Broadway Mourns Philip Seymour Hoffman
The Broadway community mourns the loss of celebrated stage, screen and television actor and theatre director Philip Seymour Hoffman, who passed away on Sunday at age 46. The marquees of Broadway theatres in New York will be dimmed in his memory on Wednesday night, February 5th, at exactly 7:45pm for one minute.
Philip Seymour Hoffman was one of the most admired performers of his generation, widely acclaimed for his work. His performances in three Broadway plays led to three Tony Award nominations, most recently for portraying the symbolic traveling salesman Willy Loman in the 2012 revival of Arthur Miller’s "Death of a Salesman." He was also nominated for best Leading Actor in Sam Shepard’s "True West" in 2000 and was nominated for Best Featured Actor in Eugene O’Neill’s "Long Day’s Journey into Night" in 2003.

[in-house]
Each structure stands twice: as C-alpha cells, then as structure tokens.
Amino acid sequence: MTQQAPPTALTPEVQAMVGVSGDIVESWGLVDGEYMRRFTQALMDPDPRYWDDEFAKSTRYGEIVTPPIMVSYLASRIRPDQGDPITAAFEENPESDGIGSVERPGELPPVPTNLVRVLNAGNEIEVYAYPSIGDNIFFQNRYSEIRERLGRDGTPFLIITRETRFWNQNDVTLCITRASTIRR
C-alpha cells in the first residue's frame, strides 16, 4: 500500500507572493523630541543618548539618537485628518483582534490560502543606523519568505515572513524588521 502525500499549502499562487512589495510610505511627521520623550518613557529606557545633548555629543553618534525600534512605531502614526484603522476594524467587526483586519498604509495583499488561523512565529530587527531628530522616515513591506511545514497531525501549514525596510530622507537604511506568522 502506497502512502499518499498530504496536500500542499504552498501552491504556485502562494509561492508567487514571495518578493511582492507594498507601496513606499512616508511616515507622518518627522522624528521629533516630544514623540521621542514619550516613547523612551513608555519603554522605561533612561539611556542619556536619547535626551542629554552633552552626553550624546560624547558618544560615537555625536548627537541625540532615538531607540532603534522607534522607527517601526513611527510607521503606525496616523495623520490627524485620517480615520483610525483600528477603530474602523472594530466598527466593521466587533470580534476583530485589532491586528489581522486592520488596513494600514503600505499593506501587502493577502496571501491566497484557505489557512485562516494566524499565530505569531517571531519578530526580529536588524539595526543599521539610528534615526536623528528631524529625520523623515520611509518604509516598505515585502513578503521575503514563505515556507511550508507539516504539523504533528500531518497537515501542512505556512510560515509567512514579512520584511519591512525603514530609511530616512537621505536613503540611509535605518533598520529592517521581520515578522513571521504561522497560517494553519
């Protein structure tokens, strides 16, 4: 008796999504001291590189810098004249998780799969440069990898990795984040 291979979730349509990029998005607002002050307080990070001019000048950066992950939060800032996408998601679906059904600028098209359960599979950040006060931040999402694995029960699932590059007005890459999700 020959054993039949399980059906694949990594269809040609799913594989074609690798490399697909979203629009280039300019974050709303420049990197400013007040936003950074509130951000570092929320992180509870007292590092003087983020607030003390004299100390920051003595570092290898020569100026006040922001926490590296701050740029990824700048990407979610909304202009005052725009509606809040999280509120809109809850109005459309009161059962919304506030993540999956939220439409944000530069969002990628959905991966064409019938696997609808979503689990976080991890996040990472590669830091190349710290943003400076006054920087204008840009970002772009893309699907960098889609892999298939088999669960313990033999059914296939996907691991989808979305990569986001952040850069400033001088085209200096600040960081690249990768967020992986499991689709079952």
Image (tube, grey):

"Philip Seymour Hoffman, a three-time Tony Award nominee, was a true artist who loved the theatre. His prolific body of work encompassed various mediums including theatre, film, and television, and we’ll always be grateful for his boundless and profound talent that he shared with us on the Broadway stage. Our thoughts go out to his family, friends, and fans." - Charlotte St. Martin, Executive Director of the Broadway League.
Mr. Hoffman appeared in more than 50 films, appearing in both big-budget Hollywood films and critically praised independent films. He won the Academy Award for Best Actor in 2005 for the biographical film "Capote." He gained recognition for his supporting work in a series of notable films and received another three Academy Award nominations for Best Supporting Actor in "Charlie Wilson’s War" (2007), "Doubt" (2008) and "The Master" (2012).
In addition to being an extraordinary actor with tremendous range, he was a former Artistic Director of the off-Broadway LAByrinth Theater Company where he directed and performed in numerous stage productions.